Actually, benefits can be transferred out of the (funded) LGPS to a private scheme - but that should only be done as a last resort due to the low transfer factors that would be applied.
    Originally posted by Silvertabby
    Sorry I should have said that, when I said "irrevocably" I meant "effectively irrevocably " due to the 12:1 rate.
    • hyubh
    • By hyubh 8th Jul 18, 11:54 AM
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    hyubh
    First, the LGPS has a very late pension age. You can take your SIPP /DC benefits much earlier, 12 years at present. If you xfer you are giving up some of the opportunity for a phased taking of retirement benefits.
    Originally posted by AnotherJoe
    The actuarial reduction for taking an LGPS pension early, while clearly noticeable, is not intended to penal however.

    Second, its big one way gamble, if you decide you dont like it and move elsewhere after a year or three, you've irrevocably put all those benefits, albeit only half, into the LGPS.
    Length of membership will have zero impact on the value of the transfer in because what is bought with the latter isn't linked to final salary (or length of membership itself for that matter). In fact, if there's a reasonable chance the OP's time in a good DB scheme will be short, then that gives reason to maximise the benefit while they can.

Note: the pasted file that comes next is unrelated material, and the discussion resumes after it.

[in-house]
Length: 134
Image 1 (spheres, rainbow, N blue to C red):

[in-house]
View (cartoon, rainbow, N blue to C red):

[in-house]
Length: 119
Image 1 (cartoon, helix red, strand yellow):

• hyubh
    • By hyubh 8th Jul 18, 11:56 AM
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    hyubh
    Sorry I should have said that, when I said "irrevocably" I meant "effectively irrevocably " due to the 12:1 rate.
    Originally posted by AnotherJoe
    That's the commutation rate, nothing to do with transferring out.
    • Drp8713
    • By Drp8713 8th Jul 18, 12:22 PM
    • 811 Posts
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    Drp8713
    As hyubh says, the LGPS may not remain a DB scheme forever.

    To be able to transfer in and get a guaranteed 30k p.a pension index linked, and still have 20+ years to pay into a SIPP or S&S ISA, means you can pretty much have your cake and eat it.